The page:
The tradition of adorning clothes with flowers and pins may date back to the Ancient Greeks, but it is still very much alive today. Where our ancestors wore bunches of herbs and blooms to weddings to deter evil spirits, we decorate suit buttonholes with flowers and add interest to lapels with pins or brooches.
Our latest collection and collaboration with Scottish artist/ illustrator Jessica Rose Bird takes this ancient idea and translates it into our language of Precision Jewellery. Pared back and refined, the collection features lapel pins and cufflinks engraved with British flowers, precision milled in our Aerospace factory in Hertford and sealed with micro-crystalline and carnauba wax. The gold series is crafted using ancient patina techniques, with recipes of chemicals precisely mixed and expertly layered by hand before being oxidised to form the rich and complex colours of the finished jewellery.
Each individual piece becomes wearable art, ideal for customising a denim jacket or wearing on your lapel as the replacement for a buttonhole. Celebrating minimalist design and craftsmanship, this new collection offers flowers that never fade, but can be worn and enjoyed for years to come.
But, why were we inspired by particular plants? During the design process, Alice and Jessica explored the meanings attached to different British flowers and it was the stories behind the Thistle, Poppy, Rose and Freesia that soon resonated. A combination of the flowers’ symbolic meanings and personal connotations were the inspiration behind Jessica’s beautiful line drawings.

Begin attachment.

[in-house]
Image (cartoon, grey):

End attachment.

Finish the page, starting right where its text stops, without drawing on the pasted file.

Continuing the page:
Being Scottish, the thistle holds special importance for Jess. It is a symbol of protection, courage and pride. Sometimes considered a weed, or seen as prickly and uninviting, we love the thistle’s form for its bold flower head and architectural structure. There is strength in its sharp edges and bravery in its deep purple hues.
The poppy is an emblem for peace and sleep, with its sedative extracts and links to remembrance. We love its colourful flowers, full palette and paper like petals, evoking both power and fragility. Plus, as Jessica was born on Armistice Day, the Poppy’s symbol of peace is all the more personal here.
Rose is both Alice and Jessica’ middle name so there was an obvious link from the start. Most notably the rose is used to symbolise love across the ages, with different colours also being used to represent mystery, purity and passion. With its delicate flower heads and juxtaposing thorns, the rose is a reminder of the rough that comes with the smooth, the pain with the love. Timeless and charming, the rose is a true British classic.
Our collaboration is wonderfully summarised by the symbolism of the Freesia. An emblem of friendship, partnership and trust, it represents working in harmony and thoughtfulness. As we are constantly drawing inspiration from our contemporaries, craftspeople and the world around us, the sentiment behind the Freesia embodies our new collection perfectly.